Second, we are limited to two new big-ticket items as part of the reduced combined NDF and CIF budgets (the funds are fungible, so don’t be confused by me discussing them together): $30,000 for Cherokee Triangle and Bonnycastle neighborhood plans – matching $30,000 total to be funded by the respective neighborhood associations – and $27,500 for a full season (April - November) of the Baxter-Bardstown Anti-Litter Leadership (BBALL) program, which is also contingent on match funding. Three local businesses have expressed interest in some level of available sponsorships (including Title and Supporting) but it’s not too late to request information for your business or philanthropy to support this highly visible and effective production. Please call me at: (502) 574-1108. Because the mayor’s budget doesn’t enact the second city graffiti crew I fought for in 2018-2019, we will continue to pay the Highland Commerce Guild $12,500 for graffiti abatement, as well.
Finally, the reduction of our council district operating budget from $30,000 to $20,000 is no issue because the funds are not fungible and we don’t spend anywhere near $30,000 to run the office. We spent $21,709.04 my first year (FY18), including (in retrospect, an ill-advised) $4,200 for video of our District 8 Advisory Board meetings and $472.86 for an iPad. I’d be shocked if our total office supplies-spend since has topped $100.
We have updated the Participatory Budgeting & District 8 Spending Information page with revised policies, Draft District 8 FY 2020 NDF, CIF and Cost Center Budgets, Historical Spending and more. Please take a look. I welcome any and all feedback.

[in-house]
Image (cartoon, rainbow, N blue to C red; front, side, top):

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Please join me – Upper Highlands neighbors, especially – on Monday, May 13th at 6:00pm for the third in our series of Town-and-Gown Hall Meetings designed to bring our city government and school systems closer together. The meeting will be held at Atherton High School, 3000 Dundee Road. Principal Tom Aberli will be our host. JCPS Board Member Chris Kolb and Upper Highlands Neighborhood Association President Honi Goldman will be our guests and the four of us look forward to discussing with you opportunities to engage students and young people in civic life, as well as all that Atherton has to offer the community outside the classroom. Come get some extra credit.
For breaking news and information, please follow me on Facebook, Twitter and Instagram. If you have a question or comment, please call me at: (502) 574-1108 or email: firstname.lastname@example.org (and copy email@example.com). If you have a service request, please call MetroCall at: 311 or visit MetroCall 311 online. Visit the District 8 Strategic Plan page here.